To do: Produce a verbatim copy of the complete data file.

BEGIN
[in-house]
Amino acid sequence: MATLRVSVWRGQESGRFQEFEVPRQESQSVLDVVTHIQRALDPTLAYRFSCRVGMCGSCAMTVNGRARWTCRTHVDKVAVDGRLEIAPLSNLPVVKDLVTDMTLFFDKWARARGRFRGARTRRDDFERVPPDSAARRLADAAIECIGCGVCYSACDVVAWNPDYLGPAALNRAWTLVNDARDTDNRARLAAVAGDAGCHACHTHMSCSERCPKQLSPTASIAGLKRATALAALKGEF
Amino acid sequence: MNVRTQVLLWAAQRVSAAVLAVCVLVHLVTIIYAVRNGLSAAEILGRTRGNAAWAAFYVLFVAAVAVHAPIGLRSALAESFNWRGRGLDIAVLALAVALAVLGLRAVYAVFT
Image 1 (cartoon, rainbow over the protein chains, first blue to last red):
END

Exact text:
[in-house]
Amino acid sequence: MATLRVSVWRGQESGRFQEFEVPRQESQSVLDVVTHIQRALDPTLAYRFSCRVGMCGSCAMTVNGRARWTCRTHVDKVAVDGRLEIAPLSNLPVVKDLVTDMTLFFDKWARARGRFRGARTRRDDFERVPPDSAARRLADAAIECIGCGVCYSACDVVAWNPDYLGPAALNRAWTLVNDARDTDNRARLAAVAGDAGCHACHTHMSCSERCPKQLSPTASIAGLKRATALAALKGEF
Amino acid sequence: MNVRTQVLLWAAQRVSAAVLAVCVLVHLVTIIYAVRNGLSAAEILGRTRGNAAWAAFYVLFVAAVAVHAPIGLRSALAESFNWRGRGLDIAVLALAVALAVLGLRAVYAVFT
Image 1 (cartoon, rainbow over the protein chains, first blue to last red):